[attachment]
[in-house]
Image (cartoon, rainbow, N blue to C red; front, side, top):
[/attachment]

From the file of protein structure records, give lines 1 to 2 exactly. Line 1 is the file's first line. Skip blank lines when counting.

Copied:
[in-house]
Image (cartoon, rainbow, N blue to C red; front, side, top):